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The Journal

Why I March

Guest Commentary: By Valerie Gebhardt, counselor and adjunct professor at UIS

Women%E2%80%99s+March+on+%0AWashington+protesters.%0APhoto+courtesy+of%0AWikimedia+Commons
Women’s March on 
Washington protesters.
Photo courtesy of
Wikimedia Commons

Women’s March on Washington protesters. Photo courtesy of Wikimedia Commons

Women’s March on Washington protesters. Photo courtesy of Wikimedia Commons

Valerie Gebhardt, Guest Commentary

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People ask me why I marched on Jan. 21 in downtown Springfield, and this is why: The world is about we, not me. There have been so many women over the centuries who have marched before us so that we can gain the rights that we have. And even today we have a long way to go.

Do you realize that before the Civil War, women could not own property, keep any wages that she made, or make any type of contract or lawsuit, such as divorce? Women started assisting in the abolitionist movement and then realized that they too, did not have any rights. This led to the first Women’s Rights Convention in 1840.

Early female Quakers in Seneca Falls, New York led the cause for women’s rights. They met in 1848, at a Wesleyan Methodist Church, to discuss their rights, whereas Elizabeth Cady Stanton wrote the “Declaration of Sentiments.”

Over 300 women and men attended this convention on July 19 and 20, to secure the rights of women to work in various trades and professions.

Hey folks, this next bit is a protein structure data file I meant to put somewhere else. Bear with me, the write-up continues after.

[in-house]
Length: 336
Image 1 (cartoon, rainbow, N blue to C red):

This convention continued on a yearly basis focusing on women’s rights, educational rights and anti-slavery laws.

By 1869, Stanton, Susan B. Anthony, Lucy Stone, and Frederick Douglass founded the Equal Rights Association, advocating the 15th Amendment so that African American men would have the right to vote. Women were able to vote for the first time in Wyoming in 1869.

The women’s movement led to women being able to attend law school and be allowed to enter the bar, federal female employees receiving the same pay as men, and in 1872, the first African American woman to argue cases before the Supreme Court.

And women kept marching.

Many women marched in the early 1900’s to make sure that their voices were heard and because of them, we are now able to vote. Carrie Chapman Catt, of the National American Women Suffrage Association, asked that a committee be formed in the Senate to discuss women’s rights. Finally, on Aug. 26, 1920, the 19th Amendment was passed, and women had the right to vote.

And still, women kept on marching.

Women marched in the 1960’s for civil rights to end segregation, and equal opportunities for education and employment. Women marched for their own rights, equal pay, the Vietnam War.

I started marching in the 80’s and I will quit only when I can’t march any longer. I have marched against wars, sexual assault, and domestic violence. I have marched for continued rights of women, LGBTQ, healthcare, and the disabled.

Many take these rights for granted today, but if it were not for the early marchers, we would not have them currently.

And, the women keep marching and so will I until we no longer have to march.
– Valerie Gebhardt

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Award winning, student run, weekly campus newspaper of the University of Illinois, Springfield..
Why I March